Top positive review
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Make sure you are emotionally ready to read this book, or seek support before reading.
on 6 August 2011
The first thing I would like to say if you are considering reading this book is to be careful. I found it quite upsetting at times, and a lot of old thoughts, feelings, memories and anger came up. If you are feeling vulnerable or have experienced a lot of trauma, I think it may be worth seeking the support of a therapist before reading this book.
I viewed the book as being mainly split into two parts. The first part of the book is focussed on exploring and describing the various negative parenting styles that people may have been subjected to, including the effects they can have on a person's self-esteem and development. This was the part I found most upsetting. When you can recognise and relate to the experiences described, it can be rather difficult to digest and come to terms with.
The second part of the book focuses on healing, and there are various techniques presented to help you come to terms with your past, and to create a new and healthier way of relating to and treating yourself.
I do have some criticisms to make with this book. One of them is in regards to the exercises in the first part of the book. There are various written exercises to complete to help you gain more understanding of what happened to you and how you have been affected. Some of these include listing all the ways you were neglected and writing about your shaming experiences. Naturally, this can feel rather traumatic. After each exercise, the book continues as normal. I think it would have been helpful to have some suggestions after each exercise on how you can ground yourself, and bring yourself back to the present moment again. For me, I felt like I had gone back into my past and was just left there. It was quite difficult to "come back" to the present, and the book offers no help with that.
I also didn't agree with the way the author suggests getting angry with your parents, and casting the blame back onto them. One suggestion was to say, "I am not worthless. You are the one who was worthless. You were a worthless mother." While I agree that anger is a part of healing, I don't think it is healthy to keep that kind of frame of mind. The author also suggests shouting back at your "inner critic", which made me feel uncomfortable. I don't believe you can "shout down" your negative thoughts. I think replacing the thoughts with more compassionate ones is more beneficial, and I felt uneasy with the aggressive way you are encouraged to adopt in order to counter the negative thoughts.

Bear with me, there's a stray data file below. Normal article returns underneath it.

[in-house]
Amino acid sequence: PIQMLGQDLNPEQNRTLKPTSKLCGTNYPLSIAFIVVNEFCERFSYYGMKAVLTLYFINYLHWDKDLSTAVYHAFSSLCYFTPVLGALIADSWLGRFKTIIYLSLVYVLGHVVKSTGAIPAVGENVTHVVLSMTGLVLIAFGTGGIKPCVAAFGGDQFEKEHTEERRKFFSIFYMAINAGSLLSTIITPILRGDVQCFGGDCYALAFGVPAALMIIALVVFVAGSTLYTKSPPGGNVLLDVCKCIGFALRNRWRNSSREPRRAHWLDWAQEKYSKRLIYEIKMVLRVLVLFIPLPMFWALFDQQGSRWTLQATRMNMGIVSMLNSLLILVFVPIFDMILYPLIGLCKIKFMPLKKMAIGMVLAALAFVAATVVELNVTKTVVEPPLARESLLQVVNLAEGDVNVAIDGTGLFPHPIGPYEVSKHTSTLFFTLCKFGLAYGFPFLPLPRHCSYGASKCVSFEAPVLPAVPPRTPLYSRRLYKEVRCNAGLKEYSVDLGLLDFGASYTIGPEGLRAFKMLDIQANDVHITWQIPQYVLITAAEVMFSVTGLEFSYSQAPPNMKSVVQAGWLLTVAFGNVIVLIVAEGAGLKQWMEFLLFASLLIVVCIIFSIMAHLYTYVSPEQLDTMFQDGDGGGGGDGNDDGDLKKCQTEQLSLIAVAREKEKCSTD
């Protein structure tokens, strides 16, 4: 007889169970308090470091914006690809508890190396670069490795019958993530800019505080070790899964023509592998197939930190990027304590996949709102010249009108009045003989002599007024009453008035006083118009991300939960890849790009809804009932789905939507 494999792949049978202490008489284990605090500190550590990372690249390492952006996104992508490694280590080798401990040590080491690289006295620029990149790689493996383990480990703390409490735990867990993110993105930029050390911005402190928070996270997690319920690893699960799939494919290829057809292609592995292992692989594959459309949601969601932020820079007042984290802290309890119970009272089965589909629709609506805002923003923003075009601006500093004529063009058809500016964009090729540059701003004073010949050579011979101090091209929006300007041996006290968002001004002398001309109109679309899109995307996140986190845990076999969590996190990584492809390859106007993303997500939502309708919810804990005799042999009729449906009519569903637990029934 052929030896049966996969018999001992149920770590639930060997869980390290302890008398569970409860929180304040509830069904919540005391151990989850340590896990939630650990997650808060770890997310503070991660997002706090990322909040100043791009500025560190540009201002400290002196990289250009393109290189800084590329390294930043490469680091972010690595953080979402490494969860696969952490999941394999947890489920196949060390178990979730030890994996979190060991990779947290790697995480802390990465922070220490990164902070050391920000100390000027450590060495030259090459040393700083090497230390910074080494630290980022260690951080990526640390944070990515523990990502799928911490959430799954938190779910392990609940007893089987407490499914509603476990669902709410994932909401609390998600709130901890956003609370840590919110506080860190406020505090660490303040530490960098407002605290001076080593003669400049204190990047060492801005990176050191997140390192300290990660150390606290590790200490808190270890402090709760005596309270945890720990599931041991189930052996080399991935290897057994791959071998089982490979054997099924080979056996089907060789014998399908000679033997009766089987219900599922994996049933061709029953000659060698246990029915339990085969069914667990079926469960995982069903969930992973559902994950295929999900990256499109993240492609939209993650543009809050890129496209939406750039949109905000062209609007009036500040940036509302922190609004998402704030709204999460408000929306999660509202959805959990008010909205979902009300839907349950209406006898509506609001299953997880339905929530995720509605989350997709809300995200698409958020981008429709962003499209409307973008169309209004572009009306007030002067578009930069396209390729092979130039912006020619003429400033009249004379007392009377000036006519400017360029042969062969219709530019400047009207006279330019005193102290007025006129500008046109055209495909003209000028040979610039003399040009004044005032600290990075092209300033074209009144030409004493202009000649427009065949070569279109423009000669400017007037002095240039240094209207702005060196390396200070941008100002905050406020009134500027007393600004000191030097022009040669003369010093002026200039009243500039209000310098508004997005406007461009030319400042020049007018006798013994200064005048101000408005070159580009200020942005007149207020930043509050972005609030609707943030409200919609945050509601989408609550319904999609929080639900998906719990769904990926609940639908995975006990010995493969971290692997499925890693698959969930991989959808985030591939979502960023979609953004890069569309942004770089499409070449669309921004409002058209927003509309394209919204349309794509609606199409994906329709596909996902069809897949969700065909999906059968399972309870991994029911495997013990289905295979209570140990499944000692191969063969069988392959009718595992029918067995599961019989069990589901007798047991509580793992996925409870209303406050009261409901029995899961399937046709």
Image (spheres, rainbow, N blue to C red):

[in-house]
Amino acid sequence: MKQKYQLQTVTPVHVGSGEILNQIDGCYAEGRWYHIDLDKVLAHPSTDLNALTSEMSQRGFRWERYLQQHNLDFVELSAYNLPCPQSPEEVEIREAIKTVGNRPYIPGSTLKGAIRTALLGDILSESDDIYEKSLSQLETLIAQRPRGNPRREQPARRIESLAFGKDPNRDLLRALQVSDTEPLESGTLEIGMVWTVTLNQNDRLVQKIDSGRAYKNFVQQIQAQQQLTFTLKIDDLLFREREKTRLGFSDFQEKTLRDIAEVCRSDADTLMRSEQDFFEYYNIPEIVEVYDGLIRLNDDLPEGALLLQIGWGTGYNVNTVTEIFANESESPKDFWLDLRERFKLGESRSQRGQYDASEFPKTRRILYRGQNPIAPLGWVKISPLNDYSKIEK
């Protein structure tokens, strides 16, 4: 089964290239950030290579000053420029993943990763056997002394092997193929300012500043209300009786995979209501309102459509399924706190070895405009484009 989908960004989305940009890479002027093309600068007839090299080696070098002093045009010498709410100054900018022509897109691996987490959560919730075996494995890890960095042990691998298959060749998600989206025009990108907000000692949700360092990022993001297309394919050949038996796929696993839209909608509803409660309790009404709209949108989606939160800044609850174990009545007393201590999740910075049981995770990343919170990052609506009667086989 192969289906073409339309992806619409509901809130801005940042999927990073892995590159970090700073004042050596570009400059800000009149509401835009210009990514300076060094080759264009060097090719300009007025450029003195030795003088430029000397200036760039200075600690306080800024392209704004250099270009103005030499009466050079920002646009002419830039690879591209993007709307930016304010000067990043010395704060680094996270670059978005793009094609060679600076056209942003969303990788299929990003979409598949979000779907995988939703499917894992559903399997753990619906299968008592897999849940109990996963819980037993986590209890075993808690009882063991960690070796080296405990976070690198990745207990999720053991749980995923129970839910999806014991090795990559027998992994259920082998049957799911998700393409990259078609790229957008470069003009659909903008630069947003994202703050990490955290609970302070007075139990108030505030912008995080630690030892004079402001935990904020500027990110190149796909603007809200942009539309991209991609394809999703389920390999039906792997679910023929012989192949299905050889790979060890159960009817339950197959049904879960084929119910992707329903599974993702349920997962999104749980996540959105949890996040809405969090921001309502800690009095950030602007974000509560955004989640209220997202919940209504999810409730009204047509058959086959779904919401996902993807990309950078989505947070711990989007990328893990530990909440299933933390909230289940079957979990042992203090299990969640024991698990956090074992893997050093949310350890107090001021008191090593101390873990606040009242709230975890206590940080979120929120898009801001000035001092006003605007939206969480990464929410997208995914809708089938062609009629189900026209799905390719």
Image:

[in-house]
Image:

I also would have liked more detail on the various helpful techniques. The author just skims briefly on the techniques, without really going into any great detail about them.
However, I do think the second part of the book was very good overall. The author writes with great understanding and knowledge, and shares her own experiences too, so you feel she knows where you are coming from. After reading the book, I do feel I have learned new ways of coping and of talking to myself, such as developing a nurturing inner voice and an inner protector. I do feel my self-hatred has lessened, although I think it will naturally take more than reading a book to feel a vast change in oneself.
So overall, apart from a few things I disagreed with, I found this book quite comforting and helpful. But just do be careful when reading this book if you are currently in an emotional state.